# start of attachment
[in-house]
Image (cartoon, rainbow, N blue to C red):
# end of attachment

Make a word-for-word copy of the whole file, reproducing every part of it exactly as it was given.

[in-house]
Image (cartoon, rainbow, N blue to C red):